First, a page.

A change of clothes, jugs of bottled water, a first aid kit, and ready-to-eat meal packs line the Sargent’s living room floor. The couple isn’t going camping — they’re preparing for disaster by doing the semi-annual check of their “go bag.”
Kevin and Cortney Sargent never gave much thought to needing a go bag in their small town of Brookings. But while being evacuated from the Chetco Bar Fire of 2017, the couple experienced first-hand the benefit of having a go bag prepared.
“The go bag is the first thing we grabbed,” remembered Cortney. “We had our game face on, and we grabbed our go bags and our documents.”
Knowing that they had what they needed during the wildfire evacuation provided the Sargents a sense of calm.
“While we were loading up the car, it was surprisingly easy to say, ‘That might be it. Whatever is left we might not see again,’” Kevin said.
The Sargents have lived in Brookings for 17 years and attend the North Brookings Congregation of Jehovah’s Witnesses. During their weekly meetings, they periodically receive suggestions on how to build go bags as well as reminders of the Bible principles that stress the importance of being prepared.
“At our meetings at the Kingdom Hall, we received really good information about how we should be prepared in case of an emergency,” Cortney said. “It was reminded to us that there still could be a natural disaster at any time.”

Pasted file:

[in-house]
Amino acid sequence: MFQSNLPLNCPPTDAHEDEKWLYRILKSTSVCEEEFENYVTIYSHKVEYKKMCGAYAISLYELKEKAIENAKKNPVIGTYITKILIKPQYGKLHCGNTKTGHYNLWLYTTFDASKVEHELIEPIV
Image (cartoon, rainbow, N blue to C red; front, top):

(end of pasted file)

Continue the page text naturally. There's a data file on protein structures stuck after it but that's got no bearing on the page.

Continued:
Kevin explained why being prepared is important. “We’re reminded to be prepared, we’re reminded why to be prepared,” Kevin said. “It’s a respect for our life and that there are unforeseen circumstances that are out of our control.”
Preparing in advance with a disaster-ready kit has helped families nationwide through extreme and abnormal weather events, which experts warn are on the rise.
“Having a personal preparedness plan increases your chances of staying safe,” according to a training program from the Columbia University’s National Center for Disaster Preparedness.
Jolted awake by a neighbor’s urgent knocking, Aaron and Jacqueline Pate were horrified to see the encroaching flames of the fast-moving Woolsey Fire that had been miles away when they went to bed. It burned to within 100 feet of their Westlake Village home in 2018 as part of California’s deadliest wildfire season on record.
“Because we had go bags, we weren’t running around trying to pack things at the last minute,” said Jacqueline. “We had the time we needed to comfort our kids and get everyone safely into the car.”
“Life is precious, so we encourage all to heed the Bible’s advice to take practical steps to protect ourselves from danger,” said Robert Hendriks III.